“There are several areas… where I think there could be bipartisan consensus,” said David Becker, executive director of the Center for Election Innovation and Research, in a briefing on January 20. “These areas are all around those guardrails of democracy. They are all about ensuring that however the voters speak that their voice is heard… and cannot be subverted by anyone in the post-election process.”

Becker cited updating the 1887 Electoral Count Act, which addressed the process where state-based slates of presidential electors are accepted by Congress. (In recent weeks, new evidence has surfaced showing that Donald Trump’s supporters tried to present Congress with forged certificates as part of an effort to disrupt ratifying the results on January 6, 2021.) Updating that law could also include clarifying which state officials have final authority in elections and setting out clear timetables for challenging election results in federal court after Election Day.

Five centrist Washington-based think tanks issued a report on January 20, Prioritizing Achievable Federal Election Reform, which suggested federal legislation could codify practices now used by nearly three-quarters of the states. Those include requiring voters to present ID, offering at least a week of early voting, allowing all voters to request a mailed-out ballot, and allowing states to start processing returned absentee ballots a week before Election Day.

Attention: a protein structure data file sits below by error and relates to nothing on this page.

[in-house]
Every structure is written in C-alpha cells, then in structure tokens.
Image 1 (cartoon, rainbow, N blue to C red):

But the report, which heavily drew on a task force of 29 state and local election officials from 20 states convened by Washington’s Bipartisan Policy Center, was notable in what it did not include, such as restoring the major enforcement section of the Voting Rights Act of 1965, which was removed by the U.S. Supreme Court in 2013. It did not mention the Electoral Count Act nor growing threats to election officials from Trump supporters.

“This won’t satisfy all supporters of the Freedom to Vote Act, but this is a plausible & serious package of reforms to make elections more accessible and secure that could attract bipartisan support,” tweeted Charles Stewart III, a political scientist and director of the MIT Election Data and Science Lab. “A good starting point.”

The reason the centrist recommendations won’t satisfy civil rights advocates is that many of the most troubling developments since the 2020 election would likely remain.

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Former president Donald Trump

By Rami Ayyub and Alexandra Ulmer

(Reuters) -The prosecutor for Georgia's biggest county on Thursday requested a special grand jury with subpoena power to aid her investigation into then-President Donald Trump's efforts to influence the U.S. state's 2020 election results.